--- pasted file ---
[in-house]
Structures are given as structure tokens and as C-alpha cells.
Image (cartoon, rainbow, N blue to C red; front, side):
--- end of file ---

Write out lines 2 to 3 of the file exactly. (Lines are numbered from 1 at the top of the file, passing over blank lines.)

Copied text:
Structures are given as structure tokens and as C-alpha cells.
Image (cartoon, rainbow, N blue to C red; front, side):